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LCFMA21: Graduates translate physical costume into digital performance

MA Costume Design for Performance: Siyao Gu
  • Written byJ Tilley
  • Published date 04 March 2021
MA Costume Design for Performance: Siyao Gu
Physical costume by Siyao Gu Digital interpretation by Uncharted Limbo Collective @ulcollective Performed by Jack Thomson

Showing remarkable resilience and creativity, this cohort of graduates have adapted to showcasing their projects within a digital space, incorporating into their work hopeful messages for the future. The new School of Media and Communication platform developed in collaboration with Twomuch Studio reflects an innovative approach to design, allowing the viewer to feel immersed and connected to each project. This year's MA Costume Design for Performance LCFMA21 cohort have taken the digital showcase to a new level, by translating physical costume into digital performance.

This year, performance disciplines had to be radically re-thought, as the pandemic closed not only performance arts venues but also workshops and studios where work is developed. In response, the MA Costume Design for Performance students prototyped an innovative approach by combining physical and virtual production to produce designs that spanned the two realms. You can view more of the work on the SMC platform and join us for a panel talk exploring new possibilities afforded by virtual production techniques and imagine the future of costume design for performance.

In the conversation, we are joined by the choreographer Alexander Whitley, known for experimental productions and groundbreaking use of technology, experimental digital collective Uncharted Limbo, who worked on translating the physical costumes and performances into digital abstractions, Agnes Treplin, course leader for MA Costume Design for Performance and Shuyi Zheng, costume designer and digital image-maker behind the stunning costume film Born For.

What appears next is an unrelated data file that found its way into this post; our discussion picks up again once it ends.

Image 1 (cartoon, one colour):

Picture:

Why She Disappeared by Luiza Roithmann

"'Why she disappeared' explores the journey of a woman as she navigates through innocence and vulnerability, heartbreak and mistrust, and losing herself to pain, falling apart into a million pieces, and then fighting to get them back together."⁠ - Luiza Roithmann

The Human Chair by Siyao Gu

'My inspiration is from Edogawa Ranpo’s short story ”The Human Chair”. I made some changes from the original story and added some surrealistic elements into the film. This film tells a story based on a psychopath chair maker’s inner world. It is formed by two parts. One happens in the past, probably the chair maker’s memory. In this world, chair maker dreams to be a chair by making one. The other world happens in a more recent time. It can be seen as chair maker’s ghost/conscience trapped inside this chair. I prefer to show an abstract idea to let audience have different imaginations and their own stories after watching this short film.' - Siyao Gu

E.V.E by Lisha Zhang

'This project starts off with the cycle of life repeating itself. After a long period of evolution and growth life has flourished into the most glorious era surrounded by picturesque sceneries that channel beauty into the veins of earth breathing and exhaling life until the core of the earth is hit by crisis, with all the good that has accumulated, signs of danger have emerged. The apple in the Garden of Eden is the beginning of the negative emotions. In the apocalypse, life and death have no boundaries and meaning, because all civilization has collapsed. The human race has lost its mind and soul and is struggling to survive in a broken body. Self-destruction is, after all, of man's own making. However after the worst stage, life returns to peace and emerges in a new form or species.' - Lisha Zhang

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